Is This The Greatest Lottery Ad of All Time? Hey, You Never Know

Bill Dettloff

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ny lotto guy

If the goal of advertisement is to move product and make a lasting impression on the popular culture, then by any measure the 1990s New York State Lottery ad campaign whose slogan was “Hey, you never know” was an enormous success. The campaign, which premiered in 1992, was synonymous with the New York lottery and was the seminal ad campaign for the business for an entire generation of greater metropolitan New York City area consumers looking to hit it big.

“Hey, you never know” was the brainstorm of ad agency DDB New York, which landed a three-year contract with the New York state lottery account in 1988 and quickly made its mark with memorable campaign slogans such as “All you need Is a dollar and a dream.” 

As catchy as they were, none of the campaigns succeeded on the scale of “Hey, you never know,” which won 81 national and international advertising awards between 1993 and 1995, including one for best overall lottery ad at the annual State and Provincial Lotteries awards for “The Pool” ad.

The billboard execution of the ad depicted an ordinary, contented-looking man in a pool, floating in a tube, wearing a swimmer’s cap and goggles. Behind him is a mansion situated on an impressive, manicured estate. The banner below: “Hey, you never know.”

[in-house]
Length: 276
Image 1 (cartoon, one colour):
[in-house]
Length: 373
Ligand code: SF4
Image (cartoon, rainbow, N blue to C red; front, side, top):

Ralph the Lottery Guy

All of the spots employed either humor, centered around ordinary people experiencing extraordinary things, such as this one from 1992 depicting a middle class woman knitting during a live opera performance in her home, or our innate desire to avenge slights or show up our betters, like this guy, who gets to stick it to his snooty former high school principal and a stuck-up cheerleader type thanks to the NY Lotto.

The state lottery capitalized on the ad’s enormous popularity by launching a product line that included T-shirts, visors, coins, hats, and other memorabilia that consumers snatched up to signal to others that they were in on the joke, while simultaneously cementing the iconic nature of the brand.

Adding to the brand’s identifiability was actor Ralph Buckley, who became the voice and the face of the ad campaign, eventually appearing at lottery events, presenting oversized checks, shaking hands. He appeared in numerous spots like this one, filmed from atop the Twin Towers, in 1995.  

Buckley’s role became so popular that in 1997 the lottery ran a contest to find a stand-in for him who would appear in a new Lotto commercial or two proclaiming the size of the weekly Lotto jackpot. Almost 23,000 New York Lottery players mailed in applications. 

In September, an 80-year-old woman named Adeline Seymour from Thendara, New York, near Utica, won and was paid union wages to record her spot, which ran in conjunction with the usual spots recorded by Buckley, like this one from 1997.

As evidence of how ubiquitous and well known the character and ad had become, the New York Daily News introduced the contest this way: “The job, which all but the most out-of-touch New Yorkers know, now features Ralph the Lottery Guy, the sad-eyed character who is at least as recognizable as Gov. Pataki,” a reference to then-governor George Pataki, who succeeded Mario Cuomo in 1995.

Advertising And Expectations